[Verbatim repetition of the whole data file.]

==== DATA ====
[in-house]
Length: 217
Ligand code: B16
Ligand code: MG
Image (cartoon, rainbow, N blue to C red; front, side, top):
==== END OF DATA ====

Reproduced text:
[in-house]
Length: 217
Ligand code: B16
Ligand code: MG
Image (cartoon, rainbow, N blue to C red; front, side, top):